The RZA’s Edge

Wu-Tang’s ayatollah once again drops his sword for some digital bullets.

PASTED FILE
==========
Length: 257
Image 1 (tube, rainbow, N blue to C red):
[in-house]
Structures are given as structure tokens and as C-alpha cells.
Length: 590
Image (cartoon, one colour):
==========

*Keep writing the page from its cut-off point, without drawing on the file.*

"Shark. The word itself has an almost onomatopoetic ring to it, the sharp, lean sonance being closely akin to the animal itself. Say it aloud: SHARK. A mean, jagged sound, cruel and malevolent and severe in utterance."—from Allan C. Weisbecker's In Search of Captain Zero You could say the same of Wu-Tang Clan founding father, producer, and MC RZA, whose name is as pointy as Jaws' marauding dorsal fin, or one of those gold-fanged grills or spike-bearing rings he and his fellow Clansmen (the number ranges between eight and 10) used to sport, but which I haven't seen on them in recent years. RZA is, of course, "RZA-razor sharp," meaning it's supposed to be severe in utterance. It speaks to the threatening nature of the Wu in general, who landed on hip-hop in the early '90s like an angry alien species that had studied earthlings from afar via kung-fu flicks before dropping by to fuck with us, primarily through the deployment of a curious patois dropped over beats that combine dread, menace, and grime in such a pleasing way that you don't realize you're covered in soot until the album is over. And it also speaks to RZA's bellicosity, which, though he often shrouds it in a thick Staten Island–ized slang, nevertheless comes across through sheer force of will. Say it aloud: RZA. And there's another thing at work here: ego. Like all MCs worth their weight in records, RZA is in possession of an astronaut-helmet-sized head, stating on a March episode of the CBC talk show The Hour: "Being the abbot [of Wu-Tang], I've always gotta do things to test the faith of the students." Translation: He's in charge. Thing is, it's an assertion that often goes challenged by his many students, including, most recently, Raekwon the Chef, who bitched up a sandstorm over RZA's handling of the Wu's first release in six years, 8 Diagrams. But when asked about the controversy on The Hour, RZA said, basically, it was no big deal and even kinda funny. That was RZA's softer side coming through. As he says, "We come in peace prepared for war," a credo akin to, "Do you feel lucky, punk?"; it's a threat with a way out. It would seem to follow, then, that the solo albums conducted under his nom de plume, Bobby Digital, would reveal a chewy caramel center to RZA's hard heart. Not so. Despite the arrangement of cushier consonants in his moniker, plus a technocratic vibe that promises little more than Sunday-morning cartoon violence, the two records featuring the alias (a third is on the way June 24) are still RZA-razor sharp, though of a more scientific bent. In other words: Touch and you shall not bleed—you'll be digitized. The cover of the first release, '98's RZA as Bobby Digital, shows an illustration of him masked and armored, holding a verdant gat the size of the Green Giant's schlong. Behind him all manner of chaos ensues, from a van fleeing an explosion to two men locked in mortal combat, plus scantily clad divas, one of whom carries an AK-47. It's a sci-fi/blaxploitation/martial arts pastiche, and as such a visual reflection of all that informs RZA as Bobby Digital. "Unspoken Word" finds Bobby spinning his credo into "We can bust a shot or we can bust a verse or two," with a high-pitched trilling repeating over and over against a brutal bass line that rises and falls like an iron curtain. He also announces to all other MCs that "Bitch you analog" (a constant accusation throughout), and are thus too far behind to keep up with his technological breakthroughs. This is where his alter ego is most readily apparent—it's a reference to his accomplishments in the lab and the failings of others to keep up. The threats continue on the ironically titled "My Lovin' is Digi," a weird, cinematic escapade through his cavernous paranoia and pornographic proclivities. "Sometimes...I find/someone...fucking with my pussy, my money, and my ride tuck my nine inside my hoodie," goes the chorus. The line is something you might hear in an old Pam Grier movie, while the string-saturated production serves up some kind of space opera. His sophomore effort as Bobby showed up in '01. Titled Digital Bullet, it has a slightly more funky frame of reference than its predecessor, most noticeably on "Can't Loose" (he probably meant "lose," but whatever), a busty, booming slow-motion set you'd expect to hear played by an old man on the front porch on the bayou. "Domestic Violence Pt. 2" is his follow-up fuck-you to shit-talking bitches first heard on the first Bobby album, and features Big Gipp of Goodie Mob's guttural Southern style. It reaches backward to the first disc and flips it into a streetside declaration of the ongoing war between Bobby and his (presumably) many women. As both characters he wields weaponry, just of a different type. As RZA it's a sword; as Bobby it's a syringe. I don't know what he has in store for Digi Snacks, because, other than two tracks ("U Can't Stop Me Now" and "Drama"), Koch Records wouldn't release it in time for this essay's deadline. (And it ain't like I'm somebody special.) The former is a plodding and deliberate battle hymn, while the latter is so achingly positive and peaceful that it may well indicate a dulling of those sharp edges—but probably not. Bobby Digital, after all, views science like the Pentagon: as a way to destroy all enemies. music@seattleweekly.com

 
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